After five police officers were murdered in Dallas, Texas, last night during a protest against police brutality, Mayor Bill de Blasio told reporters today that similar protests in New York City would be heavily policed, and promised a firm response if protesters disobey direct orders from law enforcement.
“We do not want to see anything that would create a harm to anyone. We do not want to see traffic delayed more than it has to be,” de Blasio said. “So there’s going to be clear, clear lines, and the protesters need to be very clear about the fact that once the police warn them that they are subject to arrest, that is a very, very serious statement. And that anyone who does not abide by the instructions of the police will be arrested.”
The mayor went on to ask that protesters show “some decency” in the coming days, and respect the officers who patrol their rallies in an effort to “protect their first-amendment rights.”
“You can speak up for whatever cause you believe in,” de Blasio said. “But at a time like this in particular, such a difficult and painful time for our police and their families, show some decency and respect for people going through so much.”
The NYPD arrested 42 people last night during a protest decrying the slayings of Alton Sterling and Philando Castile, whose deaths at the hands of police in Louisiana and Minnesota this week were captured on video. Many of the arrests came after protesters marched through traffic and staged a sit-in near Times Square.
The mayor’s comments came during a press conference held with NYPD Commissioner Bill Bratton, as the two of them explained what the Dallas killings meant for the city.
Compared with de Blasio (who told Brian Lehrer this morning that “We’ve got to create trust”), Bratton played the Good Cop.
“It needs to be a clarion call for all of us in this country to take seriously the grievances that many in the minority communities in this country have,” Bratton said of the attack in Dallas, “as well as the concerns that police have, about not feeling that they’re understood in terms of all that they face, and all that they try to do.”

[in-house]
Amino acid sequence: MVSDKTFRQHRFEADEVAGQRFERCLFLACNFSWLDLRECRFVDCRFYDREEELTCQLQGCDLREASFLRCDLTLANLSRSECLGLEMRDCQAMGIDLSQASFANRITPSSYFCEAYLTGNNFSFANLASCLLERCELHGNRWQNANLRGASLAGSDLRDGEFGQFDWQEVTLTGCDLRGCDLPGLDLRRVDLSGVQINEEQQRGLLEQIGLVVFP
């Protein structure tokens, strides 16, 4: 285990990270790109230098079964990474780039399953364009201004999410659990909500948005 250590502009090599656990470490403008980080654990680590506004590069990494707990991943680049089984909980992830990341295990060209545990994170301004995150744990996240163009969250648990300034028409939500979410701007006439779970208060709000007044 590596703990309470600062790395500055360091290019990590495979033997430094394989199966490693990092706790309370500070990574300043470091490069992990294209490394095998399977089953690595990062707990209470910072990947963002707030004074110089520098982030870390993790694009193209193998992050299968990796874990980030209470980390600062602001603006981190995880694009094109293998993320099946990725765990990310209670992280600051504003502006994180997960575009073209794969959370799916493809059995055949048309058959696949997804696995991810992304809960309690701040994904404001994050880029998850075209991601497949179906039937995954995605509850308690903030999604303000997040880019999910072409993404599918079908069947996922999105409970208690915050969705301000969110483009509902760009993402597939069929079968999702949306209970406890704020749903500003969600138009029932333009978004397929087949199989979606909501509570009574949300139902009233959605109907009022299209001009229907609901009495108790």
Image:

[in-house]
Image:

“We need to try to find common ground as we go forward,” he added.
Bratton’s comments stand in stark contrast to those he made after the killing of Officers Wenjian Liu and Rafael Ramos, in 2014.
“It’s quite apparent, quite obvious that the targeting [of] these two police officers was a direct spin-off of this issue of these demonstrations,” Bratton told ABC’s Today Show at the time.
In an echo of the aftermath of the Liu and Ramos killings, officers in the NYPD have been told to patrol only in pairs, for the safety of officers, until further notice.
“One of the things that we always take seriously in any time are threats against our officers,” Bratton said.
Patrick Lynch, the head of the Patrolmen’s Benevolent Association, the largest police union in New York City, also released a statement today condemning the “erroneous information and inflammatory rhetoric” that he says is fueling anger at police.
“We have said it many times before: the loss of life — every life — is a tragedy,” Lynch says, in a glancing reference to Sterling and Castile, whose deaths at the hands of police in Louisiana and Minnesota this week were captured on video.
“But much of the anger directed at police officers over the past few years has been fueled by erroneous information and inflammatory rhetoric put forward by groups and individuals whose agenda has nothing to do with justice,” Lynch said.
In his statement, Lynch seemingly chastises the mayor for his comments on WNYC, in which he said he’d been disturbed by the deaths of Castile and Sterling.
“Our elected leaders fail us when they prejudge incidents without having all the facts and disparage all law enforcement,” Lynch said in the statement.